3. Render the story/belief into a personal myth statement.

This is also a good opportunity to examine what counter myths may have been experienced. For instance to form a myth about justice, one must experience injustice, whether that experience is personal or through an observed story, or other medium. Though I’m not sure that all myth formations must be accompanied by counter myths. For instance the myth that foxes represent cleverness doesn’t seem to necessitate a countermyth, unless perhaps we get (too?) detailed about the subject, as one could argue that you must experience something unclever at some point in your life to be able to measure the cleverness of the fox against.

In the A Body Metaphor of Your Conflict exercise we are asked to take mythic statements from parts 1 and 2 of our fairytale and then imagine placing the myths in our hands. As you imagine holding them in your hands you attempt to sense and feel every aspect of them: are they hot or cold, rough or soft, heavy or light, etc. I found this exercise quite appealing. I felt very acquainted with the mythic statements in a way I hadn’t before, as if I knew them better through this use of imagination; and I felt as though the impact and imagery of the exercise is now a part of who I am. This is important to me. For personal mythology to have a lasting impact on my self empowerment and who I am, I feel like I must be able to carry its imagery, emotions, and logics with me; not unlike an article of clothing or jewelry.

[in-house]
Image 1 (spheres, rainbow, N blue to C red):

At this point in the book I feel much better acquainted with the process. However I am both intrigued and frustrated with the fact that the exercises are so abstract, so unformulaic, so without patterned structure. It frustrates me because I like things to have defined and repeatable, simple, elegant formulas. But it also intrigues me because it very much points to personal mythology being more of an art than a science. There is only so much formula one can apply to the arts before the product is completely deprived of meaning. However this does not rule out formulae in the arts, such as the rule of thirds, or color theory, in which case you can see my attempts to discover these potentials in the bullet points above.

Something I noticed during the beginning of the book is that I don’t quite recall encountering a straight definition of what personal mythology is. If I remember correctly, it is rather explained in many different angles through what it might do for you, and through anecdotes. This isn’t necessarily bad, and I could just be plain wrong, but a more direct definition might be nice to include during the very first pages of the book. Also my wife, Tosha, and myself thought it strange that during the shield exercise we were asked to create a category for our life story titled A Renewed Vision, yet the details of how or what to fill this category out with never seemed to appear.

Regardless, since having gone through the same exercises over 15 years ago, I feel like I’m gathering far more wisdom this time around. I think this book and the practice of personal mythology are indispensable and can be approached in new exciting ways that could garner larger audiences.